This is the beef of the topic, isn't it? I can tell you finding that special someone is much the same what a heterosexual person would face with one exception: confirming that the person who has caught your eye homosexual too. K-chan says that homosexuals have something she refers to as a 'gaydar': being able to look at someone and know, a twinkle in the eye, or small nod to the silent question. However it happens, it does.
Finding someone can be a pain. I've heard about gay bars but have never been to one. K-chan has also told me about 'rainbow stores', which I also have no knowledge of. I did look in the phone book once to see if I could find anything. I found 1 gay and lesbian association listed. Not even PFLAG (Parents and Friends of Lesbians and Gays) was listed. Though the national listing on their website says there is a chapter in my area. In short, it's like some sort of goose chase to find others. (At least what I've seen of it).
Once (if?) you've managed to find someone who's caught your eye, you then have to go about trying to confirm if they are like you. (This step is skipped if they are openly homosexual). Then you do the usual mushy things like give them flowers and talk to them, etc. I did read one sweet story about 2 men on their anniversary. One partner had bought a dozen roses to bring home to his mate, while the other partner had strewn rose pedals along the floor leading to the bedroom. It was a mushy love story ^^;
One thing that I was curious about (and I'm guessing you might be as well) is 'Who is 'dominant' and who gets what chores?' Well, as I see it, things are best divided up by what each partner likes to do or totally hates ^^; For me, I would need a partner who likes to cook since my idea of a 'good meal' is macaroni and cheese with hot dogs cut up in it. But I have nothing against doing dishes, taking out the trash, scrubbing toilets, performing minor repairs to my car, etc. The steadfast rules of whom do what are blurred with a new, and in some ways, better partnership being formed. Their aren't the social expectations to live up to. It's just a matter of getting things done.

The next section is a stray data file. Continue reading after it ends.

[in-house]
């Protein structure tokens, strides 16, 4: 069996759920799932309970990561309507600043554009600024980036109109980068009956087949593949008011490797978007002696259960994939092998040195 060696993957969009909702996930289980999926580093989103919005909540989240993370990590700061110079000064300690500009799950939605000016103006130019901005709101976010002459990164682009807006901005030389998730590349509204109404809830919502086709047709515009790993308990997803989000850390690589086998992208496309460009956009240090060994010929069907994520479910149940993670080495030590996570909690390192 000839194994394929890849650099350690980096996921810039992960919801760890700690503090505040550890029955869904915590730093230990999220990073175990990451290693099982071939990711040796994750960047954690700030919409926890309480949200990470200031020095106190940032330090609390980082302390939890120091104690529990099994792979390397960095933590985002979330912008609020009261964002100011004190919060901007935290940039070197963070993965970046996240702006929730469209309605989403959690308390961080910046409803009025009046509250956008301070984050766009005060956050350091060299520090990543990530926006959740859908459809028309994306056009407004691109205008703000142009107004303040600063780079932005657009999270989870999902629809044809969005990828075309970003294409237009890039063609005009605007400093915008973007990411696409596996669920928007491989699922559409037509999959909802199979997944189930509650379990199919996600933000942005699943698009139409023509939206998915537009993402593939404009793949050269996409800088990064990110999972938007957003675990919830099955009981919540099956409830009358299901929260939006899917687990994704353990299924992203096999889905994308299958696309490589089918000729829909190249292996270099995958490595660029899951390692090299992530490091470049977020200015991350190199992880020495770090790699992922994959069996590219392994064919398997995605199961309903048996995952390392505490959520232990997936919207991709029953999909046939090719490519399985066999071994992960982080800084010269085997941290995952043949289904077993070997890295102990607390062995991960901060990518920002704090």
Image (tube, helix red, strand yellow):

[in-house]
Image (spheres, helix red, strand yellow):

Answering some questions
Mostly, these are questions that I'd had and I figure people may be too embarrassed to ask. Or just things that I found interesting.
The rainbow flag (like on the main page) is an often seen symbol of diversity. Another one you may see is an inverted pink triangle. In Nazi Germany, they labeled homosexuals with the inverted pink triangle like they had put a Star of David on Jews. Homosexuals have adopted this symbol.
How do lesbians have sex? Well, to quote one page I found (it actually said this, I'm not making it up) "You can use your fingers, a dildo, or your imagination!!" It was another occurrence of me almost falling out of my chair.
Are their any old homosexuals? Hell yeah, but you've got to understand their position. But, as K-chan so elegantly put it, "...it wasn't a topic of discussion at dinner in the ways it is now." For them, it wasn't an out/pride sort of thing.
It's also interesting to note that most people say that their grandparents were more accepting of their homosexuality than they had thought. Just because we're younger and like to think we know everything doesn't make it true ;)
These are just some things I wanted to throw out here for you to think about:
I've written some more on homosexual topics. Here is the current list of thoughts:
Asynca is also building a page related to homosexual topics, including a FAQ where she answers questions email to her. I'd recommend visiting it at http://www.users.bigpond.net.au/asynca/.
Wanna email me? The addy is: email@example.com. Keep in mind that I'm usually fighting off a backlog of email and that any flames will be reported.